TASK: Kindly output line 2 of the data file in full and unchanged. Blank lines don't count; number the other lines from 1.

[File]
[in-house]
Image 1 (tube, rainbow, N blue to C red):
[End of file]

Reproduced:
Image 1 (tube, rainbow, N blue to C red):